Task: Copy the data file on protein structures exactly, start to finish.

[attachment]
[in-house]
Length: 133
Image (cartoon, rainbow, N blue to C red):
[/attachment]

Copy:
[in-house]
Length: 133
Image (cartoon, rainbow, N blue to C red):